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Studies to improve the forecasting of the South American locust, Schistocerca cancellata in Argentina

Trumper Eduardo, Hunter David, Piou Cyril, Medina Héctor. 2019. Studies to improve the forecasting of the South American locust, Schistocerca cancellata in Argentina. In : 13th International Congress of Orthopterology: Abstract book 2019. University Ibn Zohr, National Center for Control of Desert Locust, Orthopterists Society. Agadir : University Ibn Zohr, Résumé, p. 38. (Metaleptea) International Congress of Orthopterology. 13, Agadir, Maroc, 24 March 2019/28 March 2019.

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Abstract : The south american locust (sal), schistocerca cancellata, was in plague proportions in 48 of the 58 years from 1897 to 1954, but following the introduction of a program of preventive management, there were no plagues for 60 years. Preventive management relies on regular monitoring of locust infestations in northwest Argentina (nwa) with treatment of any bands and swarms detected. However, many swarms “suddenly” appeared in Santiago del Estero province in nwa in July 2015, and populations then increased further to reach plague proportions. We aimed to analyse the factors leading to the initial outbreak of swarms and their further increase through two complementary approaches: 1) a chronological analysis relating population dynamics to rainfall and 2) a correlation analysis looking at reproduction events and vegetation dynamics. Both were conducted using a sal monitoring data base running from 2013 to 2018. Previous studies during the 1980's found a correlation between outbreaks and rains from winter/early spring through summer in nwa allowing three generations in a season. It was hypothesized that rainfall provided green herbaceous vegetation for adult maturation and survival of nymphs, and soil moisture for egg survival and hatching. Our analyses show that during the 2014-15 seasons, only two generations were possible in catamarca, and the few bands found there were treated. However, even though three generations were possible in at least four other provinces in nwa, except for la rioja, they had either limited surveys or none at all. These provinces could have been the source of breeding that led to the July 2015 swarms. Three generations were also possible in many areas during both 2015-16 and 2016-17 seasons resulting in further sal population increase. During the summer of 2016-17, most locusts migrated to Bolivia and Paraguay and had the third generation there. During June 2017, these swarms invaded Argentina in plague proportions and even though a number of swarms were treated, widespread oviposition was reported. While the large 2017 outbreak of the sal was eventually reduced, early infestations were not detected which may be avoided in the future by having a system in place to detect conditions particularly favourable for locusts. Modis satellite imagery was used to analyse vegetation conditions in the permanent breeding and recession regions of nwa. based on a logistic regression approach, the presence/ absence of reproduction events was correlated to point ndvi measures with and without a range of time lags with respect to monitoring dates, the minimum and maximum historical ndvi, and the ndvi difference between date of reproduction events and minimum historical ndvi. The most promising models were identified with aic and auc statistics. These models reported a potential increase of reproduction success in areas with high historical ndvi variation, which is a signature of semi-desert areas, and recent increase in ndvi at a scale of 2 months, which supports the hypothesis of outbreaks being related to rainfall. These results could be the basis of an improved early warning system for sal preventive management.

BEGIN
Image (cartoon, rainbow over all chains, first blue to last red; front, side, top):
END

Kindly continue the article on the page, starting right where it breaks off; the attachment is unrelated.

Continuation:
Mots-clés libres : Schistocerca cancellata, Upsurge, Forecast, NDVI, Rainfall

Auteurs et affiliations

  • Trumper Eduardo, INTA (ARG)
  • Hunter David, Locust and Grasshopper Control (AUS)
  • Piou Cyril, CIRAD-BIOS-UMR CBGP (FRA) ORCID: 0000-0002-9378-9404
  • Medina Héctor, SENASA (ARG)

Source : Cirad-Agritrop (https://agritrop.cirad.fr/591938/)

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